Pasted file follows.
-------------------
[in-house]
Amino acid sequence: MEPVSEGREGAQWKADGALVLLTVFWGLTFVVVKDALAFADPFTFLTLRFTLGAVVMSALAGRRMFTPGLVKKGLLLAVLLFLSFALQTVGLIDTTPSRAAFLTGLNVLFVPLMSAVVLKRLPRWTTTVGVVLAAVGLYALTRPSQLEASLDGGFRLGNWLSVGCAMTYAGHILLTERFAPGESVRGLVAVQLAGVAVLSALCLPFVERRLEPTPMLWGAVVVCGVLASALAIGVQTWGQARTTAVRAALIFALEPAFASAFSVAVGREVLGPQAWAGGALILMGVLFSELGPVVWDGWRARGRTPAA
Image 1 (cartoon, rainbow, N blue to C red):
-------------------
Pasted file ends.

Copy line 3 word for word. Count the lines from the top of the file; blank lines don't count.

Image 1 (cartoon, rainbow, N blue to C red):